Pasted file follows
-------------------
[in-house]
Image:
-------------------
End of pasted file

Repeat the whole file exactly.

[in-house]
Image: